At that time RNS were using the free “reference” encoder from Fraunhofer called “l3enc” to produce their music files. Since the default bitrate suggested by Fraunhofer was 112kbit, that’s what they used, from their first release of Metallica’s “Ride The Lighting” back in 1996 to when I encouraged them to increase it later. I didn’t have connections in the music industry like many of the guys in the group, nor did I have the ability to supply the pre-releases that made the group famous, so the best I could offer was technical assistance, but I was still proud to be listed as a “senior member” on many of their NFO’s due to my contributions. The main one of which was when the much older DJ “Tricksta” from Las Vegas, who used to listen to my crazy rants late at night encouraged me to pursue the issue of bitrate with the group, and I did some of the earliest subjective listening tests on mp3 bitrates and decided that the best trade-off between quality and size was at the point of 160kbps rather than 112kbps and I wrote a lengthy document on the differences and encouraged everyone to switch to this bitrate. Another member, Zeuss however, insisted that 192kbps was the go, and that eventually became the agreed-upon standard for many years. Oh well, my standard may not have been adopted, but my advice was, and it was great to see the group move towards a higher bitrate. Personally I still think that 320kb is excessive and unnecessary and if you want that sort of quality, you shouldn’t be using MP3 in the first place and should switch to FLAC or something, so I still encode my mp3′s in 192kps to this day, because I guess Zeuss had it right… that extra 32kbps was worth the size increase.. I just had a very slow modem at the time lol !

Being in RNS was a heady experience that I didn’t appreciate the magnitude or significance of at the time. We didn’t really know how amazing what we were doing at the time was.. Sure, we were spreading MP3 to the masses, but at that point.. the “masses” were a small bunch of highly technical geeks smart enough to be able to use command-line encoders, have access to elite FTP sites, and know what something like a “bitrate” meant. But it was like the warez scene in that to some extent it was done for the joy of the notoriety, though we also all had a passion for music and believed strongly in the freedom of musical exchange. Terry Matthew from housemusicdaily.com said this:

“If the average pirate receives a vicarious thrill from providing free MP3s and seeming “in the know” to his peers, to organized crews like RNS the reward/reputation benefits must have felt like a hit of angel dust to the back of the brain.”

And yeah, sure, it was a big thrill.. but we, or at least I didn’t really think about that at the time. We were on the cutting edge and were as much about raising awareness of not only this great new codec, but the benefits of online distribution of music. We weren’t thinking about how cool we were, although we were acutely aware that we were cooler than everyone else in the scene. We just wanted to share music with people.

Some will claim that RNS was deeply ingrained in the music industry and that we had sources at the highest level, but to my knowledge it wasn’t true. Yes, we had a couple of guys who worked in factory-line jobs stamping CD’s, and some of the group were music producers or otherwise involved with the industry, but I really think most of our pre-releases were donated to us by people outside the group. I guess some of just had contacts, and those contacts cared about the free and early distribution of great music, so they supplied us with the releases. I wasn’t part of that aspect of the group so I don’t really know. I did technical stuff and ran bots and such because I was a unix nerd, as well as being Al_Capone’s personal mentor in life, because even back then, I was a shocking IRC addict who spent every waking moment glued to IRC chatting about stuff I was passionate about.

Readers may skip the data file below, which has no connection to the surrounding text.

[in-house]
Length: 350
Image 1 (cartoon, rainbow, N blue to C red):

To this day, I consider some of those friendships I formed in that group to be some of the best I’ve ever had, although I am no longer in touch with a single member. But it was a community like no other. Some rave about the close bonds of the “warez community”, but I don’t think it really compares. Noone in the MP3 community ever turned on their buds and sold them out to the cops when the shit went down like happened so often in the warez scene such as with the infamous Drink or Die busts. We were tight and we cared about what we were doing for more reasons than just fame. We wanted music to be free (as in speech, but also as in beer).. both “gratis” and “libre”. One of our resident DJ’s Icy_J did a great shout-out song to all the members at the time. It wasn’t the sort of music I was into, but it was awesome to have all our names immortalised in a song about the group that later became known as the pioneers of the mp3 revolution and I’m glad I still have a copy of that song to this day.

For some random facts, while noone in the group really knows because we didn’t keep those sort of records, outside sources say that at our peak we released more than 6,000 albums per year, and more than 25,000 over the course of the group’s history. This is a phenomenal effort when you consider how few members we had (the IRC channel would have been lucky to have more than 40 residents) and just shows how hard we worked and how much help we had from the industry itself, even though the majority of albums were paid for out of members’ pockets when they reached the record store shelves. I would love to say that I was responsible for more, but I would have been lucky to have ripped more than a dozen of the group’s releases, although I distributed many more via my IRC bots, and I dutifully released music I had absolutely no personal interest in, because others considered it important, and ultimately, RNS favoured American rap and hip-hop styles which I didn’t personally enjoy, although as they progressed, popular rock became more their staple since that’s what the public wanted.